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How Will The Biden Administration Impact Global Supply Chains?

With Joe Biden’s victory in the election now confirmed by the US Congress and his inauguration scheduled for 20th January, it’s time to look ahead to the major changes that Biden’s presidency will surely bring.

How will the Biden-Harris administration impact supply chains in the U.S. and across the globe?

1. Increased support for American industry

The importance of onshoring or reshoring American manufacturing is one thing Biden and Trump appear to agree on.

Biden has pledged to invest $400 billion into U.S. products through federal government procurement, close waiver loopholes, and establish a transparent process for all bidders and stakeholders to see. This policy will include a particular focus on supporting small and minority-owned businesses.

Biden’s Made in America proposal also promises $300 billion in subsidies for research and development, and several tax incentives to promote onshoring

These policies are designed to boost the manufacturing industry in the U.S. and create American jobs.

2. A renewed focus on climate change and sustainability

Biden’s administration is expected to radically transform the U.S.’ climate policy and sustainability efforts.

His Build Back Better plan will see federal government procurement driving the U.S. towards 100% clean energy and zero-emissions vehicles, ensuring all government buildings are more energy-efficient, and mandating that public companies share details on climate risks and greenhouse gas emission within their supply chains and operations.

Under President Trump’s rule, regulations for offshore drilling have been rolled back, fuel economy standards in the automotive industry were delayed, and the U.S. withdrew from the Paris Agreement. Biden is expected to reverse these changes with an investment of $2 trillion within the next four years.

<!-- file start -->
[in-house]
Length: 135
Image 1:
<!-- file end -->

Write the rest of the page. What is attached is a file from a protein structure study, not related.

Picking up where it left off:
3. Securing critical supply chains

The COVID-19 pandemic has served to highlight the importance of establishing robust and resilient supply chains to mitigate the disruption associated with stockouts, changes in consumer demand, political instability, border closures, and transportation delays.

Biden is committed to making sure the U.S. does not face shortages of critical products, including PPE, during times of crisis.

“While medical supplies and equipment are our most pressing and urgent needs, U.S. supply chain risks are not limited to these items. The U.S. needs to close supply chain vulnerabilities across a range of critical products on which the U.S. is dangerously dependent on foreign suppliers,” Biden’s website reads. “America needs a stronger, more resilient domestic supply chain in a number of areas, including energy and grid resilience technologies, semiconductors, key electronics, and related technologies, telecommunications infrastructure, and key raw materials.”

A key strategy for safeguarding U.S. supply chains will be to reduce the country’s dependency on China and Russia for critical supplies and open new markets to U.S. exports.

4. Stabilising international trade

Biden is expected to take a more stabilising and restorative approach to international trade, in comparison to Trump’s hard-line one.

The incoming president will likely attempt to block China’s dominance on the world stage and focus on building mutually beneficial coalitions with alternative nations in advantageous locations. With regards to China, in particular, Biden has not committed to removing tariffs or joining trade pacts.

Biden has spoken in support of the United States-Mexico-Canada Agreement (USMCA) and it is assumed he backs the continued success of the World Trade Organization. Further trade agreements could be in the works. For example, it’s possible that in developing a trade policy in Asia Biden may look to establish a Trans-Pacific Partnership.

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